Don’t Let the Starling Play the Mozart Concerto!

September 21, 2018
 

There’s no way!  But then again, maybe it really did happen.

I heard him say it on the radio. Mozart taught a bird to play one of his piano concertos. And the bird became a superstar! At first, it sounded like something out of a Moe Willems children’s book. But the more I thought about it, it’s probably true.

I’ve heard so many amazing stories about Mozart that I’m ready to believe he was able to do anything – even fly!  Birds already fly. They don’t play pianos. But it seems this one did. Piano keys are heavy enough that it takes a bit of effort even for people to get accustomed to properly making music with them. How in the world did Mozart get the bird to do that?  I’ll bet he used bread crumbs as a part of his training. You know how some parents write the letters of the music notes on the keys when a child is first learning to play the piano?  It’s probably something like that with breadcrumbs and birds.

Did Mozart take the bird on tour and have it perform in front of kings and queens like he did when he was a child? And were there times when an emperor was impressed like in the Hans Christian Anderson story about the emperor and the nightingale?...

 

I imagined such thoughts by one or more listeners recently when I played the finale of Mozart’s 17th piano concerto. Sometimes Classic Mornings is on in the background while people are involved in other activities. Indeed, there have been times while I’ve been driving and have heard only a portion of something that was said on the radio. Before I was able to confirm what I heard or didn’t hear, I may well have blown it out of proportion. So I imagined someone who sort of half-heard me tell the story and take it for an imaginative flight.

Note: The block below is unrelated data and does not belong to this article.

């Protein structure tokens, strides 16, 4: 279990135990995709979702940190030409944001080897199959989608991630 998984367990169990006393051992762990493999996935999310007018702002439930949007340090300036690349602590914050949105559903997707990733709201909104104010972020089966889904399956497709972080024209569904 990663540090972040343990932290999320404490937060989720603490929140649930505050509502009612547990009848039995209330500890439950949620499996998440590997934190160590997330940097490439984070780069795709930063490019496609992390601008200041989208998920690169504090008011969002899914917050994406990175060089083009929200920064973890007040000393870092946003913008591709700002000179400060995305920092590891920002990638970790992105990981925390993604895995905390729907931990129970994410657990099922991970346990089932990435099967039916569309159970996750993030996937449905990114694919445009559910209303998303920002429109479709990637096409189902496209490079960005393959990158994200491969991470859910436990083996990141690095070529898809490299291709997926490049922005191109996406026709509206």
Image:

The fact is that Mozart did claim that he taught a starling the simple tune that opens the finale of the concerto. He certainly didn’t teach the bird how to play it on the piano. And even though the starling has become famous because of the Mozart tale, it never experienced superstardom in its time. With all the incredible stories about Mozart, somebody might indeed believe that he taught a bird to play his piano concerto.

It couldn’t happen with any other composer. Mozart is probably the superhero of classical music. And if you think it’s rather outlandish to apply a word that has connotations of strength and power to Mozart, know that the famous Austrian composer may well have humbled many a musician over the centuries.  I have heard performers admit that Mozart’s music is deceivingly simple and indeed challenging. Some wait until the 2nd half of a concert in order to warm up before tackling the Mozart works.

Many people turn to Mozart’s music during difficult times. Maybe it’s the simplicity that’s communicated in that music which helps to lift spirits, offer a bit of consolation or provide an environment for reflection. A study once suggested that those who listened to his Sonata in D major for 2 pianos, K. 448 actually scored better on exams than those who didn’t listen to it beforehand.

Yes, all of this comes to mind with the theme of our fall fundraising campaign which celebrates listeners as superheroes for, among other things, keeping classical music on the radio in central Illinois. It’s not just music on the radio. It’s music that challenges us, sparks our creativity and expands our knowledge. In addition to entertaining, it inspires listeners of all ages. Anybody who provides that resource to a community deserves to be commended. And stepping forward to do that, knowing that there are so many who listen to the music service without supporting it, makes contributing listeners heroes of sorts for keeping it on the air in our time and for generations to come.

If you’ve never taken the opportunity to become a contributor, please consider it today. There’s room for an entire community of superhero supporters! Call 217-244-9455 or go online to willpledge.org and make a gift before September 30th.


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